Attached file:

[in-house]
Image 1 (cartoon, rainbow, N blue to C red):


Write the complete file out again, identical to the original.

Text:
[in-house]
Image 1 (cartoon, rainbow, N blue to C red):